Is This Feminist or Not? Ways of Talking about Women in Anime

These are the slides for the panel “Is This Feminist or Not? Ways of Talking about Women in Anime” as presented at Sakura Con 2017


































14 thoughts on “Is This Feminist or Not? Ways of Talking about Women in Anime

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  3. Liza Patterson

    Out of curiosity, why do you think that same face is a negative element of an anime? While it can be annoying, I don’t think it warrants anything bad in the long run.


    1. I should have covered this in the panel, but the problem isn’t just the sameface syndrome; it’s that only the women have it. The male characters, on the other hand, are largely based on real people and display enormous diversity in both face and body type. I go into it more in my post, “No Middle Sliders: Body Diversity in Anime”

      Liked by 1 person

    2. I think I understand the issues of same-face more now than I did a while back. There’s a concern that certain kinds of images get reciprocated for women, like passive, stimulating ‘sorori kao’ faces. That happens outside of anime, in Japan’s wider media; so when it happens in anime too, it feels like it fits the same mold. That we’re seeing a reciprocation of the resistance to female individuality, and alongside it, usually, an encouragement for male individuality.

      But there are certainly other dimensions to Shirobako’s same-face. For me the appeal was always a sense of ‘moe’ paired with solidarity that the girls have but the guys don’t. You know how the guys fight with each other, or with the girls, but the main five stay in harmony? The male characters may have more variety in how they look, but I’ve been taking the girls’ similar faces as a constant reminder that they’re united by a ‘moe’ spirit the guys, even those much more experienced than them, have to learn from.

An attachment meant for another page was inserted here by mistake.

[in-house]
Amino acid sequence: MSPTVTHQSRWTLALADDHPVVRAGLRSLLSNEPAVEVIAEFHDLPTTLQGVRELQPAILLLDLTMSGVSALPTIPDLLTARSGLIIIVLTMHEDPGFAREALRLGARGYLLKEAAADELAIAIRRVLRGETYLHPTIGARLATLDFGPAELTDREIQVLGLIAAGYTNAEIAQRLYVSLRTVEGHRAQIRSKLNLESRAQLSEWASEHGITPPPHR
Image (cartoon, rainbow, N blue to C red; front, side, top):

So I think there are both positive and negative dimensions to the ‘oneness’ Shirobako’s girls have, depending on what angle you approach it from.


  4. catt

    I want to know what do you think of female characters in Eyeshield 21. I personally find them interesting. Their roles vary from your typical club manager to actual player in the game. And I think for female characters in sport manga, where male domination is something to be expected, they still have distinctive personality. However, I still want to know your critical view on it. Are female characters in Eyeshield 21 still as useless as typical female characters in other sport manga? Or do they contribute enough to the plot? If you have time, please kindly share your thought.

    Thanks. I really enjoy each of your essay.


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  7. I really like this powerpoint you did on the Feminist Fallacy and hit on the problems of “[Name of anime] is feminist.” I agree with you that the Bechdel test isn’t the best, I think it’s better for movies than anime. But I think the Mako Mori Test might be a better alternative for female anime characters since the requirements are at least one female character, who gets her own narrative arc, that is not about supporting a man’s story. Although I’m sure there might be some nuances missed with this test.


  8. Tom

    Hi there. Is there anywhere to see the whole presentation please. Really interesting but I’d really like to see the whole thing 😦
    (brought here from AniFem)


    1. If you’re asking if there’s a transcript or if its been recorded on video, unfortunately there is not. I tend not to follow a script when I do panels, but rather use my slides as a basic outline of what I’m talking about. Because of that and the work that transcription involves, I’ve decided to just put up the slides for now.


      1. Tom

        Ok fair enough! If you ever fancy writing an article or having a podcast (maybe on AniFem) I would personally be very interested in reading it 🙂


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